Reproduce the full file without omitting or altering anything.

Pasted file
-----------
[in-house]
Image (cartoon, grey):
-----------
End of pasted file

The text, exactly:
[in-house]
Image (cartoon, grey):